Characters. Characters are what make movies, television shows, sports and video games relevant and interesting. Much of the talk and literature on the best movies of all time centres on both the plot and the characters in the plot. The same applies to video games; while there have been many excellent things such as game play and graphics in all Mario, Zelda and other major character video games, the characters are what help to draw the players in. This is true for another iconic video game character that exploded on the scene in 1991, Sonic the Hedgehog.
Sonic the Hedgehog was Sega’s main rival to Nintendo’s Mario, and helped propel the Sega Genesis system into the market lead among 16-bit video game systems for a period of time in the 1990s. The main premise of the Sonic games is that Sonic needs to save the planet from Dr. Robotnik, who provides a variety of evil attempts at planetary takeover throughout the game series.
There were four primary games for the Sega Genesis that launched the Sonic series to the forefront of gamers’ minds; the original, Sonic the Hedgehog 2, Sonic 3 and Sonic & Knuckles. The Sonic games were similar in nature to their main rivals in that there were multiple levels, varying enemies and the notion of saving something as an overall goal (as could be said for many games of the time).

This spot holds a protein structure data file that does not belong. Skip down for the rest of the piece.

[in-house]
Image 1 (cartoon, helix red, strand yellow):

What differentiated Sonic from its predecessors was the dizzying speed you could play the game at. Anyone who has played Sonic will tell you that there are points in the game, particularly when Sonic is running downhill or is spinning around a loop, that the game speed picks up so dramatically it can be tough to follow what is happening. The speed of the game is a benefit to gamers as it increases the excitement level of the game as you are playing it.
The strategy of the Sonic games is fairly simple, as there is not much complicated to the game. The first and foremost strategy to follow is acquiring as many rings as possible; having fifty rings at the end of the game allows you to go to “the special zone”, which is an entirely separate part of the game. The special zone has gotten more advanced as the games have, going from the simple special zone in Sonic 1 to “Hyper Sonic” status in Sonic 3 & Knuckles.
Over the years, the Sonic games have graduated through the various gaming consoles of the modern era, similar to many other popular Sega games. Sega stopped making gaming consoles after the Dreamcast failed to compete with Microsoft, Sony and Nintendo, focusing their energy on games, including “Sonic Unleashed”, which can be played on the Wii, PS3 and Xbox 360.